May 12, 1909: Municipal Journal and Engineer article. Inverted Sewer Siphon. “The accompanying drawing illustrates a rather unique piece of sewer work, designed by Mr. C. D. Hill, Chief Engineer of the Sewer Department of the Board of Local Improvements of the City of Chicago, to carry the Kedzie avenue sewer under the Illinois and Michigan Canal.
The Kedzie avenue sewer is a 9-foot circular brick sewer, being built to serve the rapidly growing southwestern section of the city. It empties directly into the drainage canal. The Illinois and Michigan Canal runs parallel to the drainage canal and about 900 feet from it. The problem confronting the engineers was to provide means for carrying the sewage under the canal in such a manner that during the dry weather flow there would be no serious deposit in the siphon and so that the storm water flow would be readily handled. It is estimated that the dry weather flow in the sewer will be from 20 to 30 cubic feet per second, while the storm water flow may reach 250 cubic feet per second, which is under the estimated maximum carrying capacity of the 9-foot sewer. It was feared that, if the 9-foot sewer were carried under the canal, the small velocity of the dry weather flow, calculated to be one foot per second, would result in considerable deposit. A further consideration in the matter was that this canal is not a particularly clean stream, and that the discharge of greatly diluted sewage into it in time of flood would not seriously pollute it [Well, that is obviously not true.]. A design was therefore worked out which would keep the siphon clean during dry weather flow and permit the discharge of excessive storm water into the canal, although lesser amounts will easily be carried through the siphon.”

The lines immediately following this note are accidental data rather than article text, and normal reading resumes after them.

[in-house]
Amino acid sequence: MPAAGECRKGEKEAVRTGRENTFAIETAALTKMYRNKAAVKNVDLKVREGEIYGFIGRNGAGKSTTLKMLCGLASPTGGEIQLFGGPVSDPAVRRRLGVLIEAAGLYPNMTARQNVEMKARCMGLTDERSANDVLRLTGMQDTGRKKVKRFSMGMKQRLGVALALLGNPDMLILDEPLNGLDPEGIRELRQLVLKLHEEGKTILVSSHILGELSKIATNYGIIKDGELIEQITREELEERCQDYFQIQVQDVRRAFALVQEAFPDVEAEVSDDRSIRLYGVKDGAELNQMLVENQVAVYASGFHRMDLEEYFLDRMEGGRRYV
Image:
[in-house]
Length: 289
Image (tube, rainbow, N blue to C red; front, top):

Reference: “Inverted Sewer Siphon.” 1909. Municipal Journal and Engineer. 26:19(May 12, 1909): 847-8.